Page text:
I grew up itching for an argument, I think, as many Americans do.  I couldn't wait to participate in adult discussion.  When I was younger I was always speaking up when I should remain quiet.  I was disobedient to the core.  Still am.  But I was encouraged to direct my energies in such a manner that permitted me to become the teacher I am today--a free thinker who wants to dedicate his life to service to his community.  The disobedient students here are pysically punished, forced to apologize for having a voice, and frightened with a future of poverty if they don't score high enough on their exams to go to a "top Korean university."

And you do know why this conversation turned from free speech to the classroom, too.  Because educational reform in Korea is the key to finding political leaders in the future who will truly transform the Korean government into the Democratic Government the people here have fought so hard for....I didn't write a post on DagSeoul commemorating the two important dates to Korea's struggle for democracy.  Now I have.  I love this country and am obsessed with its history.  I am learning why.  The longer I am here, I am figuring it out.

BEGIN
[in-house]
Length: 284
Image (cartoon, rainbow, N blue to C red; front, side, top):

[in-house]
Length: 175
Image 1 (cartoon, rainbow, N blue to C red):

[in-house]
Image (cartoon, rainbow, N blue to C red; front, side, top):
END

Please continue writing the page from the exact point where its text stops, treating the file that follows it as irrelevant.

April 19
May 18

Important dates to remember.

So Free Speech is branded as False Courage here because it can be mistaken.  I think the point of free speech is that even when purposefully saying improper comments, we are free to do so and suffer the consequences.  After all, what does a Republic have to fear of such brazen incorrectness?  Oh wait, I know.  If people are permitted to speak without fear of punishment, they will undoubtedly speak about what troubles them most:  Oppression, Hunger, Poverty, Health, Mistreatment, etc.  All the things governments can't stand listening to.  The Korean Democracy suffers from what ails American Democracy:  both are intolerant of the poor, the working class, and minority interests.

And yes the education system here depresses the shit out of me.  In fact, I think many of the arguments I have had with my partner are based in my general sadness.  My disposition isn't quite right.  I am out of sorts.  But I love my students so much.  I care for them.  I wouldn't leave them.  And of course, I love my girlfriend.  And today I am remembering our trip to Gwangju and keeping in my heart all those who have lost their lives here fighting for their freedom.